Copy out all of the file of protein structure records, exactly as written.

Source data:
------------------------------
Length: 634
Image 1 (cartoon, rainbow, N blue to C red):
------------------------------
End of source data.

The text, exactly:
Length: 634
Image 1 (cartoon, rainbow, N blue to C red):